Several faces turned to face him and his wife as he guided her to the center of the room. They looked like somber ghosts, their faces hollowed out with a mixture of shadow and light. Their silence was eerie. Lucijan stood at a table with another man; both were hunched over a table, talking. Next to the table there were several crates stacked neatly on top of each other. Lucijan looked up at Benedict. The man didn’t look good: There were dark circles around his eyes from lack of sleep and his face was pale.
“Ah, Benedict,” he said, “good to see you. I was worried you wouldn’t make it.” He nodded at Sheathia. “Ma’am. This here is Rufus Lemvolt...” He gestured to the man standing next to him. The man was tall and broad-shouldered with close-cropped blonde hair. He nodded at Benedict but did not offer a greeting. He looked like a hard man, the kind of person who would shoot first and ask questions later. Maybe that’s a good thing, Benedict thought.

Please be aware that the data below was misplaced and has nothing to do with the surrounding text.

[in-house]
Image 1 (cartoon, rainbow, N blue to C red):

“Rufus Lemvolt has been working with me for years. I wouldn’t have approached him about what we’re planning to do if I didn’t trust him or think he had anything to offer. He has experience in combat and tactics.”
“If you trust him I trust him,” said Benedict. He glanced at the circle of people that had crowded around the table. “How long has everyone been here?”
“Not long. We’ve just been waiting for you to show up,” said Lucijan. “Rufus has been sharing information about what’s supposed to be happening tomorrow which he learned while working with the Red Wraiths.”
Benedict nodded his approval. “Good, we can share it with everyone here. Gather around people, and listen closely.”
Everyone closed around the table as best they could. Benedict looked over the map. His shoulder touched Sheathia’s shoulder. “So what do we know so far?”
“I’ll let Rufus here do the explaining,” said Lucijan.
Rufus cleared his throat, his hands clasped behind his back in a posture that was military. He spoke in a clear voice, his face emotionless. “From what we know - and do note this could change at any point - everyone will be gathered in the square.” He pointed at the spot on the map marked square. “Damen Orlys will be on the stage, as will the new woman he brought with him. I’m not sure what her name is.”